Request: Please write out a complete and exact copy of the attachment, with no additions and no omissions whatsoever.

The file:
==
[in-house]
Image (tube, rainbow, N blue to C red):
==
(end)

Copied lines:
[in-house]
Image (tube, rainbow, N blue to C red):